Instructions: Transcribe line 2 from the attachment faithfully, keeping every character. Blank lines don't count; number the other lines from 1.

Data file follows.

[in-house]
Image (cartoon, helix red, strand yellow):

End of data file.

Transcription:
Image (cartoon, helix red, strand yellow):